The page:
Q.What's the best way to store vitamins and minerals?
A.Light, moisture, and excessive heat can reduce the potency of vitamins and mineral supplements. So the best place to store supplements is in a cool, dry location -- in a kitchen pantry or a bedside table, for instance. Don't refrigerate vitamin and mineral supplements. Taking them from refrigeration to room temperature can cause condensation inside the bottle. Certain non-vitamin supplements should be refrigerated, however. Labels usually indicate when a supplement should be kept in the refrigerator. In the case of all supplements, it's always a good idea to check the expiration date.

Q.I'm dieting to lose weight. Should I worry about falling short on key nutrients?
A. When you reduce your calories to lose weight, you run the risk of falling short on key nutrients. That's why choosing nutrient-rich foods is particularly important when you're dieting. Fortunately, some of the foods richest in nutrition -- fruits, vegetables, and whole grains -- also happen to be low in fat and calories. They also tend to be higher in fiber. So they help fill you up even when you're eating less to lose weight. Even on the healthiest diet, however, you may fall short on nutrients over time. The nutrients that are most often in short supply are iron and calcium. But if you're dieting to lose weight over an extended time, you may run a risk of falling short on other nutrients. Taking a multivitamin can help ensure that you meet your basic needs while you try to lose weight.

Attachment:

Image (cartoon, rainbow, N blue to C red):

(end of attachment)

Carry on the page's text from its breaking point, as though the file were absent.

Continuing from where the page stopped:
Excellent multivitamin. Contains all vitamins and minerals these softgels are not hard to swallow and one bottle last for a long time